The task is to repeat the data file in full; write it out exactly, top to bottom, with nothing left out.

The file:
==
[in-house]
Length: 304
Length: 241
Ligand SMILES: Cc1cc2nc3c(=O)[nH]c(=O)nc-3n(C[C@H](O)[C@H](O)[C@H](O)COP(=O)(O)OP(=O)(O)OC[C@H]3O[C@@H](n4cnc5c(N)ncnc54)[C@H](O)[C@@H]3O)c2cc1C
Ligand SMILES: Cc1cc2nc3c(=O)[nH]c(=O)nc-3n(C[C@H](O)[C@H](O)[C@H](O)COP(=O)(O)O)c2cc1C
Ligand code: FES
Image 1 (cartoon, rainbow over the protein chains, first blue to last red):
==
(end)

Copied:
[in-house]
Length: 304
Length: 241
Ligand SMILES: Cc1cc2nc3c(=O)[nH]c(=O)nc-3n(C[C@H](O)[C@H](O)[C@H](O)COP(=O)(O)OP(=O)(O)OC[C@H]3O[C@@H](n4cnc5c(N)ncnc54)[C@H](O)[C@@H]3O)c2cc1C
Ligand SMILES: Cc1cc2nc3c(=O)[nH]c(=O)nc-3n(C[C@H](O)[C@H](O)[C@H](O)COP(=O)(O)O)c2cc1C
Ligand code: FES
Image 1 (cartoon, rainbow over the protein chains, first blue to last red):